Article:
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Arundel budget hearing draws crowd to talk about schools

Budgets and BudgetingFinancePTA

At a crowded County Council budget hearing Monday night, Anne Arundel schools Superintendent Kevin Maxwell asked those in the auditorium who had come to voice support for public education to stand.

Nearly everyone stood, joining those already standing along walls and in corners at Old Mill High School in Millersville.

The second of two public hearings on County Executive John R. Leopold's proposed operating and capital budgets went more than three and a half hours on Monday night, focusing mainly on education, as many parents, teachers and students voiced support for their particular schools, advocating for items requested in the school board's budget proposal.

School system and government officials testified as well, including Kurt Svendsen, Anne Arundel's acting budget officer, who said that 51.7 percent of the proposed budget "goes to support the board of education's initiatives." He reiterated what Leopold has long stated, that the budget proposal funds all of the school board's requests except pay raises.

Svendsen then enumerated the items covered in Leopold's capital budget and drew applause when he said that it included funding for projects at Lothian Elementary School and Severna Park High School.

But Maxwell testified that Leopold's proposal "violates the law by failing — for the second consecutive year — to provide $12 million in additional funding required by the state's maintenance of effort law."

The state requires counties to fund per-pupil spending in an upcoming year at the same — or higher — level as the previous year.

"This has been the subject of much of our discussion with this council to date," Maxwell said, "and it is the county executive's actions that have put this council in a very difficult predicament."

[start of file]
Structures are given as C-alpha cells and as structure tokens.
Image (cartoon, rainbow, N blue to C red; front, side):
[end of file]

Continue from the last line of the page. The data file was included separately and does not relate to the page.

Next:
Maxwell acknowledged that Leopold's proposed budget funds most of the school board's request save pay raises, but added, "Let me say very clearly that I believe our employees deserve pay raises – just like employees of the police, fire and health departments, the library system, and those elsewhere in county government deserve pay raises."

His comments drew loud applause.

Among those who testified on behalf of their schools were members of the parent association of Edgewater Elementary, which has been the subject of discussion in recent months over air quality concerns.

Jenny Corkill, Edgewater Elementary PTA president, requested Edgewater Elementary be put in the 2013 capital budget feasibility study. "We have been neglected for too long," she said.

Before the budget hearing, scores of teachers gathered at the front of Old Mill High carrying placards that read, "Respect" and "Support Our Schools."

"We would like a secure funding source for Anne Arundel County schools," said teachers' union President Tim Mennuti. "We believe that there are monies there that can be used, and they need to be used in the most economical fashion, and they need to do what's best for everybody."

joseph.burris@baltsun.com

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